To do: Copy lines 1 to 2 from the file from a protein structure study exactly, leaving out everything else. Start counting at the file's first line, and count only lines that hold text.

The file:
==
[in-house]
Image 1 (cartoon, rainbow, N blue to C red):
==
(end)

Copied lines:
[in-house]
Image 1 (cartoon, rainbow, N blue to C red):